2. Player’s ongoing training schedules and programs can be modified and further personalised. Dr Broich often talks about a concept known as “micro-periodisation”, in which training variables are systematically manipulated over a course of days or weeks to reach longer-term goals and outputs.
  3. Plus, the more data collection that happens, the more information that becomes available about how players react to certain things, and how these can then be modified, adapted, or improved upon. It’s a virtuous cycle.

To quote Dr Broich: “At FC Bayern, the importance of well-planned and scientifically proven fitness has been very high for a long time”

A holistic approach

When I hear the general layperson speak on health and fitness, there tends to be a singular focus on the training side. However, the research overwhelmingly speaks to the importance of appropriate sleep, nutrition, and mitigating stress factors as critical variables for, not only overall health, but for developing fitness as well.

Accordingly, the club follows this research and emphasises on all aspects of fitness to create a holistic, research-driven approach. That approach is reinforced and augmented when top players at the club — specifically Robert “the body” Lewandowski in the case of Bayern — are fully committed to the approach as well, with Pep Guardiola once stating that Lewandowski was the most committed player he’s ever managed.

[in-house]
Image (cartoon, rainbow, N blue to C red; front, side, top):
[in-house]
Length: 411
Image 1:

That commitment, in addition to full discipline in the weight room and to his conditioning, is exemplified by the hiring of a sleep coach to optimise his recovery. Not to mention his wife, Anna, was a bronze medalist in the 2009 Karate World Cup, and takes on the role of his full-time nutritionist. That type of self-agency over one’s longevity is a club and fitness coach’s best friend.

Now that we’ve peeled back some of the layers of Bayern Munich’s fitness methods and cultural buy-in, how did their players get absolutely jacked over lockdown?

The equation isn’t all that complicated

Once the spectre of a potential shutdown emerged, Dr Broich and his team, along with the training department, as well as input from the coaching staff, set out a plan for maintaining fitness levels.

This included delivering all the necessary equipment to players’ homes, setting up the proper communication channels, and then creating optimal training programs. Training sessions were often done as a team in “cyber meetings” with Dr Broich and manager Hansi Flick conducting them from the club headquarters.